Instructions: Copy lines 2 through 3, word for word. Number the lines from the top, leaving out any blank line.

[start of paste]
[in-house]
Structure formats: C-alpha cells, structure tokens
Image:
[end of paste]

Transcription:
Structure formats: C-alpha cells, structure tokens
Image: